Indian manuscripts

  • Author(s) / Creator(s)
  • India as a modern nation-state covers the greater part of the South Asian peninsula, from the Himalayas in the north to the tip of Cape Comorin, about 3000 km to the south. However, as a cultural-historical sphere, other modern states such as Pakistan, Nepal, Bangladesh and Sri Lanka, and even to some extent Burma, Thailand and Indonesia, share aspects of their manuscript heritage with modern India. Countries such as Afghanistan and even western China, especially Xinjiang Province, have been important sites of “Indian” manuscript discovery, and the Tibetan manuscript tradition was strongly influenced by Indian Buddhist models. This is because these surrounding geographical areas participated in trade and cultural exchange with South Asia from a very early period, and especially because of the missionary activities of Buddhist monks. What, then, really defines an “Indian manuscript?”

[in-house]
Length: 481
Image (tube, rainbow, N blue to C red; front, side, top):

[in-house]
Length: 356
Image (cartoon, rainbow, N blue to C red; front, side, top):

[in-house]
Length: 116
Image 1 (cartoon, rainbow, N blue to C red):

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  • License
    Attribution-ShareAlike 4.0 International
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  • Citation for previous publication
    • Wujastyk, Dominik. (2014). Indian manuscripts. In J. Quenzer, D. Bondarev, & J. Sobisch (Eds.), Manuscript cultures: Mapping the field. (pp. 135–57). Berlin: De Gruyter.
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